Category 4 Hurricane Bears Down on Gulf Coast with 150 Mph Winds

Early on Sunday, August 29, Hurricane Ida clocked 150 mph winds as it neared landfall off Louisiana and 15 mph movement. Although estimated to possibly become a Category 5 hurricane with sustained winds of 156 mph or more, it made landfall in Louisiana at 12:55 p.m. ET as a Category 4 storm that caused structural damage to buildings and widespread flooding. As this is also the anniversary of the devastation caused by Hurricane Katrina in 2005, many Gulf Coast residents still wait with bated breath for updates about Ida’s progress.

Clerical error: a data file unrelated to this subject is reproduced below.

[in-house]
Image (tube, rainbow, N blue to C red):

How Is Ida Different From Most Storms?

Tropical storms usually take a week or longer to reach Hurricane Ida’s current strength. According to the National Hurricane Center, Ida experienced a rapid intensification of wind force defined by a 35 mph or more jump in a span of up to 24 hours. The NHC noted a 35 mph intensification within only six hours. Meteorologists are still uncertain as to whether Ida might achieve Category 5 strength given past storm patterns, including Katrina’s rapid jump by 55 mph within 18 hours. These types of storms offer people on land little warning or time to reach safe shelters. The wind speeds also cause more damage.

What Causes This Type of Rare Event?

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